¡Oye! A LAtina perspective on food, fashion, familia and art.

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grown ups need to create TOO!


What do you do when you have to say good-bye to a beloved companion of 18 years?  Apparently, you drink tequila  at 11 in the morning with someone who knows you, won’t judge you and then you get your craft on!




Monday, was a blur to me.  I knew my sweet Shakespeare, my calico kitty of 18 years had taken a turn for the worse.  On just the day before, the vet had informed me of the seriousness of her condition.    



Her diagnosis was in stark contrast to the Happiest Kitty on the Block of the previous year.   She had appeared to have a new lease on life.  With the passing of her dominating roommate last Christmas Eve (yes, Christmas was just around the corner again), she scampered through the house as though a kitten once again. 



I too, had a new lease on life.  After a life altering year, I felt like a phoenix rising from the ashes.  Our lives were parallel in many ways.  She was rescued as a young cat, living on the streets, just old enough to learn the ropes, but didn’t stay there long enough to become hardened to human touch.





The need for sane self expression, camaraderie and of course tasty food, is how I feel safe.  I called some friends over to my house.   We gathered in the dining room around a simple assortment of  salty and creamy cheeses, medjool dates, and decadently drank champagne while getting to know each other.  I do love a good Manhattan or Sazarac, but come holiday time,  bring on a good bubbly, some twinkle lights and I am happy!  I was so thankful to be surrounded by these thoughtful, creative, clever ladies, each with her own story to tell.  Some go deep, some stay protected, some deflect with humor.  But in the end, we all come together for that same bit of nourishment, a feeding for our souls.  We ate, drank, soaked each other in, and then moved on into the studio to create, where it was safe.





With various sized glass jars and colors to choose from, we dove into the vibrant blues, pinks, reds and greens.  Some commanded their projects with ease while others approached with trepidation as if a misstep might leave her (me) with a crappy craft.  Art is a place of safe self expression.  Isn’t it?  I love art and artists.  Unfortunately, artists are often their own biggest critics.  When does that little voice start inside our heads?  Who put it there?  We did not come into the world with it.  As adults we can provide a community for each other where we can be creative and productive without judgement. And if there is silence, it is not uncomfortable, because we are thinking, we are creating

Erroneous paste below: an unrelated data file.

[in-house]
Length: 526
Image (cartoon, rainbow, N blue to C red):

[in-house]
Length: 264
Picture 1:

That night I made a simple salad of roasted beets that were so sweet, just like the life I was living for that moment.  I savored the sweetness of life with each bite.  I don’t think that we are so different from our kids.  And, in fact, when I slow down, I learn from my kids.  For some attachment parenting pros that conceit is probably a no brainer (you know who you are), but for some, we have had to make a conscious effort.  For others, this is all brand new.  Whether you have children or not, it doesn’t matter.  As humans, especially women, we need to savor these moments of freedom and vulnerability.  I had huge plans to make a feast for us all.  It didn’t happen.  Honied little bites are what I prepared instead.  That’s all I prepared.  I used what I had, in the time that I had and didn’t make myself crazy trying to “create” under unreasonable time constraints.  Something that I have been known to do in the past.

Later, it came to me that that night the entire ceremony of the day and night was all a learning process.  For those of you already familiar with the Reggio Emilia philosophy, this might be old news (you know who you are), but just like when children find tools within their environment, they can make their environment their classroom.  Children also become active participants within their environment, hypothesizing and finding resolution within their day.  The Santa Monica Farmer’s Market and my kitchen became my classroom and those beets where my tools.  We drank, we ate, we talked.  There was no right, no wrong, no judgment.

– M. Byron Trent